Thought Experiments

A Thought Experiment is a mental tool that helps us investigate the nature of things. They help us engage in deliberate reasoning by exploring various circumstances and (often impossible) situations, and predict their implications and outcomes without conducting any real life experiments. In most cases, real life experiments aren’t feasible. Mastering thought experiments can not only help us stretch our minds but also make better decisions by confronting difficult questions.

In the 16th century, the Italian scientist Galileo Galilei is said to have dropped two spheres of different masses from the Leaning Tower of Pisa to demonstrate that their time of descent was independent of their mass. Contrary to popular belief, Galileo never actually climbed the tower. He didn’t have to.

Galileo reckoned, suppose we connect two bodies—a heavy body (H) and a lighter body (L)—by a string, thereby making the compound object H+L, one would predict that H+L should fall faster than H by itself, therefore H+L > H. However, it’s also possible to use the same logic to claim that the compound body should fall at a slower pace than H because of the drag created by L, thereby concluding H+L < H. Both the statements cannot be correct at the same time. This contradiction eventually lead to the conclusion that the assumption—that heavy objects fall faster than lighter objects—is false.

This whole experiment follows a series of logical experiments which were conducted inside Galileo’s head. Physicists discover laws, mathematicians prove theorems, philosophers construct world views, and decision makers choose the best course of action using thought experiments.

When we say “if money were no object” or “if you had all the time in the world,” we are conducting a thought experiment. Actually removing money or time to find empirical evidence is impossible, thus we turn to thought experiments to make sense of complex concepts.

Philosophers use thought experiments to explore ethical and moral issues all the time. One of the most famous is the Trolley Experiment. It goes like this: you are the driver of a trolley whose brakes have failed, and the trolly is out of control. Ahead, on the tracks, are five people tied up and unable to move. However, if you pull a lever, the trolley will switch to a different set of tracks where there is one person. You have two options:

  1. Do nothing and allow the trolley to kill the five people on the main track.
  2. Pull the lever, diverting the trolley onto the side track where it will kill one person.

Now, which is the more ethical option? Or, more simply: what is the right thing to do?

Obviously, there’s no one right answer to this problem. The purpose of this experiment is to encourage ethical speculation and logical thinking. It’s to push us outside our comfort zone by forcing us to confront questions we cannot answer with ease.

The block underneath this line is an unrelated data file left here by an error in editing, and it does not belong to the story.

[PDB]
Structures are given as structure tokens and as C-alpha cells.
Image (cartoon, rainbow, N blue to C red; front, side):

The difference between a thought experiment and aimless rumination is its structure. Thought experiments are always organised and targeted.

Let’s take one more example to understand this. If you were a king, how would you design a society of free, equal and moral people? Most importantly, how would you make sure that the process is not vulnerable to your personal biases, and there’s zero potential for majority groups to gang up on minority groups in the new society? This is the famous “veil of ignorance” thought experiment proposed by philosopher John Rawls.

According to Rawls, in order to figure out the most fair and impartial way to structure a society, you should operate behind a veil of ignorance. This means that you cannot know who you would be in the new society you’re creating. If you designed the society without knowing your economic status, your ethnic background, or even your gender, you are forced to create a structure that is as fair as possible in order to guarantee the best possible outcome for yourself.

Not only this, a thought experiment can make complex concepts and ideas more accessible so that even those who are not knowledgeable about a particular field can build an understanding.

One of Einstein’s notable thought experiments involved an elevator. Imagine you are in a closed elevator, your feet glued to the floor. Absent any other information, would you be able to know whether the elevator is in outer space with a string pulling the elevator upwards at an accelerating rate, or sitting on earth, being pulled down by gravity? By running the thought experiment, Einstein concluded that you would not.

The force you feel from acceleration and the force you feel from gravity don’t just feel the same—they are the same! Gravity works similarly to the accelerating elevator.

Now we don’t have any empirical evidence to prove this since we cannot build elevators in space, but this thought experiment gives us enough information to test this hypothesis logically.

You see it’s a mistake to use statistics without logic, but the reverse does not hold. It is not a mistake to use logic without statistics. Which means you don’t need to back up the claims in your thought experiments with data, graphs, diagrams, tables, numbers, etc. That’s the beauty! If your logic is rock solid, the data will eventually add up.

After he landed on the moon, Neil Armstrong showed the whole world that Galileo was right when he let go of a hammer and a feather while standing on the moon. Absent any atmospheric friction, sure enough they hit the Moon’s surface at the same time.

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